Innovations in the Family: New Structures, New Challenges

Saturday, 14 February 2015: 1:00 PM-2:30 PM
Room 210EF (San Jose Convention Center)
This symposium considers the changes being experienced in the family, both in form and function. The family form is changing in fundamental ways; consider families with multiple sets of children with both biologically and nonbiologically related children and new forms and styles of achieving parenthood -- through use of modern technological advances -- and the different experiences of parenthood, such as resident and nonresident parenthood. This session identifies and describes how the family is, has, and will change. It will address the fatherhood experience, including a study of nonresidential African-American males, interested in and able to play an active role in parenting their children; characteristics that optimize that experience are identified and described, including both masculine identity and quality of parental relationship. The session also examines intergenerational family relations that are both consistent across time and changing with the times, describing important elements in the successful adaptation of intergenerational relations to the modern family, especially in light of the changing, aging characteristics of society. Families are increasingly likely to include three, four, and five generations, each of which have characteristics that will uniquely and innovatively contribute to how well the family adapts to changing form and challenges.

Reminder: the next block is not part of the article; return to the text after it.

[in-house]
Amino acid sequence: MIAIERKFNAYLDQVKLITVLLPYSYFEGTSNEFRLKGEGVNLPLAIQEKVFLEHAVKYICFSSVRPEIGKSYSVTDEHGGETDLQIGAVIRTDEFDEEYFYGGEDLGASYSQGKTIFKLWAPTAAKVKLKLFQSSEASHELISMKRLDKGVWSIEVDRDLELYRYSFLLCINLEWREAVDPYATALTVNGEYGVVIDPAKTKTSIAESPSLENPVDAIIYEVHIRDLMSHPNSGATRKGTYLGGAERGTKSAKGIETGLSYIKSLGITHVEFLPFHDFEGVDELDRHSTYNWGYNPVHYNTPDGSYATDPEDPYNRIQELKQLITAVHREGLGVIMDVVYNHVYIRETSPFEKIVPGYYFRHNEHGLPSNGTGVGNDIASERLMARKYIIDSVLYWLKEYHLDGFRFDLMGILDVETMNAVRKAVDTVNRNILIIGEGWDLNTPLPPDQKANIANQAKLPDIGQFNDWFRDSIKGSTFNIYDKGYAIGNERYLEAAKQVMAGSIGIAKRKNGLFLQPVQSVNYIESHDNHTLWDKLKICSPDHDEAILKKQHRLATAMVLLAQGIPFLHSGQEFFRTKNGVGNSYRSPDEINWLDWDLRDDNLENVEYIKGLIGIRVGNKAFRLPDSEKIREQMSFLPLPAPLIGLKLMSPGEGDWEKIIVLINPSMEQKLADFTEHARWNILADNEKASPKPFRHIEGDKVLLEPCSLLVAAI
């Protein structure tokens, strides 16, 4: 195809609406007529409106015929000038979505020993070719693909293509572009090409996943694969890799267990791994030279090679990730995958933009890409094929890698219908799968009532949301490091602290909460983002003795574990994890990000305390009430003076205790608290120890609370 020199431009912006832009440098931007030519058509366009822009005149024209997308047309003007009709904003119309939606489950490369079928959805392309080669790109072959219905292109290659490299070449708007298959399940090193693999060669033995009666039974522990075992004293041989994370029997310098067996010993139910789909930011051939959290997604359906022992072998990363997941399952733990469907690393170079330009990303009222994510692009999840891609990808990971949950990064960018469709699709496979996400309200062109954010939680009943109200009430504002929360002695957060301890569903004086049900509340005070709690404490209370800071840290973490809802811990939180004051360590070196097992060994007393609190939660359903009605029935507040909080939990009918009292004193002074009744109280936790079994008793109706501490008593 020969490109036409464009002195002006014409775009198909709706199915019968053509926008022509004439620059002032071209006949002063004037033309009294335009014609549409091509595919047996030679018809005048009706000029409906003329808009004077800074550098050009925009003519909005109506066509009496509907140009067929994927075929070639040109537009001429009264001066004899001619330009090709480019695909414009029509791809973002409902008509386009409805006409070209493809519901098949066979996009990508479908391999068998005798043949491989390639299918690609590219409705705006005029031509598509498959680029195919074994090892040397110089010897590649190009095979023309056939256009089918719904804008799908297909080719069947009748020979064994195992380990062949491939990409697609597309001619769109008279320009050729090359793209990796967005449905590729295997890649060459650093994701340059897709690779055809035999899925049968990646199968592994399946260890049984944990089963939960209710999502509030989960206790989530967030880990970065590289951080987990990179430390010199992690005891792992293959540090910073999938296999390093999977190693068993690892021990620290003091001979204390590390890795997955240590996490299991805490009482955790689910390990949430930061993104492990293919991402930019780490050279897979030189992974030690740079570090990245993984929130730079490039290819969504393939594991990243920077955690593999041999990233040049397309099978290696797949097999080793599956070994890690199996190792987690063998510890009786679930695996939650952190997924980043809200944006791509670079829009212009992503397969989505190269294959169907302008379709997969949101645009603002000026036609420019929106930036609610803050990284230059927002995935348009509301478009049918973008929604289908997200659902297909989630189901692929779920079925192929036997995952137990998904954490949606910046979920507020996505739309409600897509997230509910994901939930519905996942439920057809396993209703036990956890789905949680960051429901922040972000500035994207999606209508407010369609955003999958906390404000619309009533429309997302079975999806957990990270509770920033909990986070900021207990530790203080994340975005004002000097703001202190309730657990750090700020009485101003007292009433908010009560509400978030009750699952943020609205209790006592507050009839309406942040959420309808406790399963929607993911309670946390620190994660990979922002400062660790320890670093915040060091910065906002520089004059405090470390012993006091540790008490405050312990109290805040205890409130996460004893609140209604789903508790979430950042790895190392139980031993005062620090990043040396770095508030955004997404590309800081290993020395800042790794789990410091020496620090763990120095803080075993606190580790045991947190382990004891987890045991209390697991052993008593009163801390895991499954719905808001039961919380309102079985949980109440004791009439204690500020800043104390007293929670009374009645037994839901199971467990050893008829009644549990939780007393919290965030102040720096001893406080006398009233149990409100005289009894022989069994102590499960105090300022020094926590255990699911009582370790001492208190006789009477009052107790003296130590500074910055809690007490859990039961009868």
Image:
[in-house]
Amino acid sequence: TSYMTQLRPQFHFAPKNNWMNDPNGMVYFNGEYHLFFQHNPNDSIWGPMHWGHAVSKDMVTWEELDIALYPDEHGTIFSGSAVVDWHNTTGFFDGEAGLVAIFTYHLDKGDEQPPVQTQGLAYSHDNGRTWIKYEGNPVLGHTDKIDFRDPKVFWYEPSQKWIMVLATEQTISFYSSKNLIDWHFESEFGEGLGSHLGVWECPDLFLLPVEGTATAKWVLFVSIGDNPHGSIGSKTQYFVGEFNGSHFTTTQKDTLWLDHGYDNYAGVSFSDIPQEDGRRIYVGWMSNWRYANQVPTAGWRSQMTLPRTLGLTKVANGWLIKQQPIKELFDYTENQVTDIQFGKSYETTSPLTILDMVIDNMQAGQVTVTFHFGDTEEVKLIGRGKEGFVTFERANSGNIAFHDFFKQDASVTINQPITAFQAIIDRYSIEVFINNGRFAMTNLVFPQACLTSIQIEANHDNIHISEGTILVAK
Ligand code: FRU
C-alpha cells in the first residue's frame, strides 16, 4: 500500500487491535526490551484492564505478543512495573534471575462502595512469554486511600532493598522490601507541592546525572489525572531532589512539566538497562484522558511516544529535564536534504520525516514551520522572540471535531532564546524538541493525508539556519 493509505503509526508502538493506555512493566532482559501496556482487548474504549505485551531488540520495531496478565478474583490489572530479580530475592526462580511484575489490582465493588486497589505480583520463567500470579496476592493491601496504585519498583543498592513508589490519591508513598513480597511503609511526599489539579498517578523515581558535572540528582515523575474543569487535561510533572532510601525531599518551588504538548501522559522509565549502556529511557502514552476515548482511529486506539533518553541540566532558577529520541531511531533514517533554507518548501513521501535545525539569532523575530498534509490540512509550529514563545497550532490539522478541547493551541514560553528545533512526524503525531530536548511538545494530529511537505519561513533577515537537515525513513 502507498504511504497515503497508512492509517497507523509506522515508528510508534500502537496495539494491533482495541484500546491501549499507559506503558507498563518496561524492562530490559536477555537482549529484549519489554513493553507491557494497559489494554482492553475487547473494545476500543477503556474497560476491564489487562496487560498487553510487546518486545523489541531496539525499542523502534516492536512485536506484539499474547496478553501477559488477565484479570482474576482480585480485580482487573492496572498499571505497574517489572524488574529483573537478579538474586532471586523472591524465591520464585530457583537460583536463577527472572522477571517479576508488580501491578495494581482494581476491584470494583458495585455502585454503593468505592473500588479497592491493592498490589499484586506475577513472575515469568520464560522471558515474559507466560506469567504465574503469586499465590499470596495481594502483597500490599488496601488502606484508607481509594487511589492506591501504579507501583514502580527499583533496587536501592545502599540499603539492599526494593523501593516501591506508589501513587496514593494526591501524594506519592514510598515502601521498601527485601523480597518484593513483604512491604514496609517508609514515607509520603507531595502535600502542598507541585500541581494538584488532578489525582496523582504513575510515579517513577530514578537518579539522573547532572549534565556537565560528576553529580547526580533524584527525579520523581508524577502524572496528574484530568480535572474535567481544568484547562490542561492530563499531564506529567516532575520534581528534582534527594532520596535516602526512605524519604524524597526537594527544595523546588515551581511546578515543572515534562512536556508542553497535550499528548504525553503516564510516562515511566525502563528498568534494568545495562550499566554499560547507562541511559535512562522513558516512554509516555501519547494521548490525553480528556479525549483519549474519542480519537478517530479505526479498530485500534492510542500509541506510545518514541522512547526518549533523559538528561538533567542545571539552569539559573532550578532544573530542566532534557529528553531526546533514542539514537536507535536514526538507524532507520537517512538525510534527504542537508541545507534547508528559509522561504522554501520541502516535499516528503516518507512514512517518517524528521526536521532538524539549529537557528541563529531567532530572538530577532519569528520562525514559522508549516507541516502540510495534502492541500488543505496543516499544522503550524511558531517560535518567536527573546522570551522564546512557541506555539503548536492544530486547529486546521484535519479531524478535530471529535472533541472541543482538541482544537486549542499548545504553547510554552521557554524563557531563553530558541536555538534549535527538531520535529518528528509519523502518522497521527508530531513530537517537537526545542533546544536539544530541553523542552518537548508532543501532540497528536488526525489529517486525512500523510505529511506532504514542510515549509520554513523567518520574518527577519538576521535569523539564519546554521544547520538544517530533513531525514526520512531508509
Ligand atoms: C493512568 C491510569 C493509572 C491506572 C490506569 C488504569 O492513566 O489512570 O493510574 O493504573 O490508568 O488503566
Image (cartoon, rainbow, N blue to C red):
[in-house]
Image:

Toni Antonucci, University of Michigan Institute for Social Research
Toni Antonucci, University of Michigan Institute for Social Research
Toni Antonucci, University of Michigan Institute for Social Research
Ross D. Parke, University of California
Future Families: Diverse Forms, Rich Possibilities
Frank F. Furstenberg, University of Pennsylvania
Family Change and Intergenerational Support in Aging Societies
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